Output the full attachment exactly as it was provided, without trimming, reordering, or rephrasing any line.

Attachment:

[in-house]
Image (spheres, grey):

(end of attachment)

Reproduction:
[in-house]
Image (spheres, grey):